How do our Indian designers fare on these five critical success factors?
In terms of design talent, we have it in heaps. There are very few emerging countries where one gets to see such a vibrant local designer scene; in fact, I can’t think of any. In most other countries—China, for example—Western outfits are the rule, and by and large, Western designers are the ones that rule. But we still wear a lot of Indian clothing, thereby allowing local designers to thrive, especially in the crucial wedding segment, which is virtually impenetrable for Western designers. There is clearly the roster of well-established designers like Sabyasachi, Manish Malhotra, Tarun Tahiliani et al, and they are the obvious candidates to venture abroad. But there is also a groundswell of surprising new talent that is pushing out from different pockets of the country—they might cut their teeth on the Indian market, but I am hoping enough of them will take a shot at the global market.
As a sheer measure of talent, I asked myself the question: Can an unknown Indian designer stand in the international arena just on the strength of his product? Lane Crawford, the avant-garde Hong Kong department store, showcased a capsule collection of Sabyasachi clothes (yes, it’s him again) designed exclusively for the store—dresses, pants, skirts, blouses, jackets—which was a remarkable hit with local shoppers, most of whom had never heard of the brand before. I asked Jillian Xin, Lane Crawford’s senior buyer, who travels the world picking up brands for the store, what made her pick Sabyasachi. “I walked into his store in India and fell in love,” she says. The amazing craftsmanship, the details, the idea of how artisans produce each piece, how “it’s a piece of art really” are aspects that swayed her. Equally, it was “his vision for the brand, his sophisticated aesthetic that resonates with our customers”, she says. Had she heard of Sabyasachi before? No.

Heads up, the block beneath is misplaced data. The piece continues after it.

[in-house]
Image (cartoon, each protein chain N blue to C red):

Which brings me to the second factor, that of Indian craftsmanship, the artisanal weaving, embroidery and embellishment methods that have been ours for centuries. By no means is it essential to use it—for example, Prabal Gurung, the New York-based Nepalese designer and National Institute of Fashion Technology (Nift), Delhi, graduate, best known for dressing former US First Lady Michelle Obama, has achieved success with an entirely Western aesthetic—but I believe our vast inventory of crafts is a unique differentiator that an Indian luxury brand can exploit to its advantage. After all, the heart and soul of the most successful global luxury brands is a tradition of craftsmanship—think Louis Vuitton or Hermès (sales of $9.9 billion and $5.5 billion for 2017, according to Forbes) and their much sought after bags are all about craftsmanship by hand. They make a big deal of calling it out. We should too.